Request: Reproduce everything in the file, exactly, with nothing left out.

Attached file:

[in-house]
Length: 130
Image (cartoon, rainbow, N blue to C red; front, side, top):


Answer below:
[in-house]
Length: 130
Image (cartoon, rainbow, N blue to C red; front, side, top):